Antonio Rogerio Nogueira is a man of his word.
Ahead of each of his last two appearances inside the Octagon, I have asked the Brazilian light heavyweight if the fight before him could be his last. Each time, the man known throughout his career as “Little Nog” told me he wanted to fight a little longer.
Prior to his bout with Sam Alvey in September 2018, he said he would like to fight for two more years. Last year, as he was readying to face Ryan Spann at UFC 237 in Rio de Janeiro, he made it clear that he still had a little more fight left in him, suggesting that he would hang up his four-ounce gloves following one more appearance in 2020.
And that’s exactly what the 44-year-old Nogueira will do following his fight with countryman and long-time rival Mauricio “Shogun” Rua this weekend in Abu Dhabi.
“I think I’ve had a good career in this sport, and now I think there is a new generation in Brazil and it’s a good time for them to show good things to the fans,” he said as he started to explain why he has finally decided to call it a career.
Nogueira was part of the vanguard of Brazilian stars that rose to prominence in the early part of the 2000s while competing in Japan, where many of the best performances of his career took place, including his first meeting with Rua in the quarterfinals of the 2005 PRIDE Middleweight Grand Prix.
“For me, when I started to fight in Japan, it was a dream,” he explained. “I had a dream to see the sport grow in Brazil, and I think it has really grown in Brazil. We are the second biggest sport in Brazil, I think, and it’s growing a lot. People recognize the sport in Brazil, they recognize the athletes in the streets, and for me, it was very good to be a part of this — me, my brother, Wanderlei Silva, Anderson Silva, our generation.
“I think the new generation has been working a lot and the guys are at a very high level, so it’s nice to stay there with the new generation and survive this long,” he added. “Me and Anderson Silva are the only guys from the old generation that have stayed in the UFC, where it’s very difficult to stay.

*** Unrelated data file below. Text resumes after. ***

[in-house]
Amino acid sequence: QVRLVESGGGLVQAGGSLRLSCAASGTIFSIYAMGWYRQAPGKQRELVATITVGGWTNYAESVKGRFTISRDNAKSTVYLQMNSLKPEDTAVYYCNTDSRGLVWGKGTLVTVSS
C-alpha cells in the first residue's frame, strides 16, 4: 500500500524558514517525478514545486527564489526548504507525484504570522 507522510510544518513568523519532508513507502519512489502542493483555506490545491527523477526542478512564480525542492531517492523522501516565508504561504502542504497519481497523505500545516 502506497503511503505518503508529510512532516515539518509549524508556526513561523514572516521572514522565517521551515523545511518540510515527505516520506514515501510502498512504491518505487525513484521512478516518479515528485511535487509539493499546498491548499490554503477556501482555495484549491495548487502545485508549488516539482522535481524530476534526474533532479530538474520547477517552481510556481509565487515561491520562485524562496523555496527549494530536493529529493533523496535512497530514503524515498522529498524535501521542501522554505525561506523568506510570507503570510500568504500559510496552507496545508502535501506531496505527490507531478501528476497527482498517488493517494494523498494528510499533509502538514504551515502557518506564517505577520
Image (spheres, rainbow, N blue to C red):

“So now is a good time to rest.”
This weekend’s fight also represents a perfect opportunity for Nogueira to have the grand send-off a competitor of his stature deserves, as he will share the cage with Rua for a third time while getting the opportunity to compete on Yas Island for the first time.
“I respect him a lot — he’s a great champion, one of the best athletes in this sport,” he said of Rua, who won each of their first two meetings by unanimous decision, including their Fight of the Night tilt at UFC 190. “We’ve had two fights that were very close decisions — I thought the second one I won, but the first one was, for me, my best fight in this sport.
“It’s a big pleasure to share the cage with this guy because I respect him, but I’m coming to win, for sure.
“It’s also a very big honor to fight here because I come here two, maybe three times a year, maybe more, and I like this place,” he added of competing in Abu Dhabi.
The veteran opened a Team Nogueira facility in Dubai a handful of years ago, and last week, the team’s head Muay Thai instructor, Mounir Lazzez, made a splash in his Octagon debut, collecting a unanimous decision victory over Abdul Razak Alhassan.
“I have a lot of friends here, a lot of students; it’s my second home,” Nogueira continued. “It’s a very special place to fight. I like the idea of fighting there for the first time.”